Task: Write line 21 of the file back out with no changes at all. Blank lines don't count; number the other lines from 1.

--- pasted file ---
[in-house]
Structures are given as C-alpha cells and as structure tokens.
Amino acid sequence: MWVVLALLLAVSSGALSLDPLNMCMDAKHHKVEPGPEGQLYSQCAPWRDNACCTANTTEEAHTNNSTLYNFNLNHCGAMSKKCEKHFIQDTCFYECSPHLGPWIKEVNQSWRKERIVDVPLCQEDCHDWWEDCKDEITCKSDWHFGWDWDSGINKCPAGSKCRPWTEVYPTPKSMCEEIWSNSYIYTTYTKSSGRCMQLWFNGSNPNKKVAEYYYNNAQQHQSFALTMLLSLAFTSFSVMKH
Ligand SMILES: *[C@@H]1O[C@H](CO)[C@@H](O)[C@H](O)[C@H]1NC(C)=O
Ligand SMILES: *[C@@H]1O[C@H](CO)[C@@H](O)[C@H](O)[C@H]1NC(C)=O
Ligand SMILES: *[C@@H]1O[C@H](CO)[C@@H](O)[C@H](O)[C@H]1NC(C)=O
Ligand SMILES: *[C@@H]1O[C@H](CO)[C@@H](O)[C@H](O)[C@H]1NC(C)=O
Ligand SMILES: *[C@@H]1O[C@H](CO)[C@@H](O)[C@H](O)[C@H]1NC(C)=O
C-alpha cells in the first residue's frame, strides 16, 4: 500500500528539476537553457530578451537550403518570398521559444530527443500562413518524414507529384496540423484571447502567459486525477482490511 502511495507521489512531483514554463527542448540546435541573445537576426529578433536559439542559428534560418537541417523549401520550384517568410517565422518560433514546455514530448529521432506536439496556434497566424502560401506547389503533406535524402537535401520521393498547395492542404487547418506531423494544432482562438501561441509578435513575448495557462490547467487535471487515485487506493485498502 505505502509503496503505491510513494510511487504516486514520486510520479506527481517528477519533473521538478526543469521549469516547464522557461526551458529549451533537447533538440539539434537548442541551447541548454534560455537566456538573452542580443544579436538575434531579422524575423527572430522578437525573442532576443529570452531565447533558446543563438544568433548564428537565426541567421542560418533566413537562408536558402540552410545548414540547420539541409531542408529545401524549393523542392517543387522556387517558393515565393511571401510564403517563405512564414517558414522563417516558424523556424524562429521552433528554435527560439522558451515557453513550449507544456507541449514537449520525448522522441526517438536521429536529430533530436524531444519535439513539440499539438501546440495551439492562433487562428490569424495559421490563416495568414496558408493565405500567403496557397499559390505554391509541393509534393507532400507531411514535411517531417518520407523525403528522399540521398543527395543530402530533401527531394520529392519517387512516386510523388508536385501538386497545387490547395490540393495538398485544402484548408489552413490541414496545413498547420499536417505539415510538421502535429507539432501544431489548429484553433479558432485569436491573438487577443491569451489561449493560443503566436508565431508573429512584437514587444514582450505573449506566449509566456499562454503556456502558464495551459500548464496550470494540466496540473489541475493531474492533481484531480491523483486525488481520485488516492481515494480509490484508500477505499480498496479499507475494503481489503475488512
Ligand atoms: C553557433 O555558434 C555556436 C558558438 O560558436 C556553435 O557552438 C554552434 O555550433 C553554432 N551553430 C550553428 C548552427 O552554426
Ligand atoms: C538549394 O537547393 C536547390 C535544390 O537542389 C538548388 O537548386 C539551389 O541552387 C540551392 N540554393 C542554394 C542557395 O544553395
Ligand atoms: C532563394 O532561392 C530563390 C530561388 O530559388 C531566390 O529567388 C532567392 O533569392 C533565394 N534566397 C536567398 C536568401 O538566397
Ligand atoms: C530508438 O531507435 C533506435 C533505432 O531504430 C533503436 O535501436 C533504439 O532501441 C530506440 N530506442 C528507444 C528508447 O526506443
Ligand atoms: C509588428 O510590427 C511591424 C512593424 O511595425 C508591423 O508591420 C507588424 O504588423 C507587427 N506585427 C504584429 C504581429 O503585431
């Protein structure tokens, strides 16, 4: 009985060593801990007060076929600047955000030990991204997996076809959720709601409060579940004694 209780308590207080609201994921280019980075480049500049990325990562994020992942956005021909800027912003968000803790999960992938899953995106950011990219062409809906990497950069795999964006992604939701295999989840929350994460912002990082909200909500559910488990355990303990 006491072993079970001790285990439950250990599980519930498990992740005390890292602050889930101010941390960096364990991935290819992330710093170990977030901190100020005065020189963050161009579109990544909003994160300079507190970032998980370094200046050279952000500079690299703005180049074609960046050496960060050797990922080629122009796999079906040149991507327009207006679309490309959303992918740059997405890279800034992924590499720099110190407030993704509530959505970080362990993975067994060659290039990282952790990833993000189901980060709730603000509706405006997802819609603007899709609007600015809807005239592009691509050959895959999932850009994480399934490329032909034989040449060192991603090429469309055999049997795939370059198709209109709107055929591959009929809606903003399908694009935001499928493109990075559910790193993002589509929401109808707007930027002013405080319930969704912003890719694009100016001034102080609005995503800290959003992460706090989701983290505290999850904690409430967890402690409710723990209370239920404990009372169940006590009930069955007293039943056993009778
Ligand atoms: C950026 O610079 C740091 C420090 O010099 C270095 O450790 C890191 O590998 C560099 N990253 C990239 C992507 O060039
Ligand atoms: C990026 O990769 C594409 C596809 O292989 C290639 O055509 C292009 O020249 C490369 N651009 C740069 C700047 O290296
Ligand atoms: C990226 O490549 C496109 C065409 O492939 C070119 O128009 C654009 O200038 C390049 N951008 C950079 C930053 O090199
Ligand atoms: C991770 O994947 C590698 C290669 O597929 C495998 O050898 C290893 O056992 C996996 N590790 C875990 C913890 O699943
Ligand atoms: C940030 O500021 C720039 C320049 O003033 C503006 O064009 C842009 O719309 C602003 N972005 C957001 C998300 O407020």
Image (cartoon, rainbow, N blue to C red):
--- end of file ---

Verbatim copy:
Image (cartoon, rainbow, N blue to C red):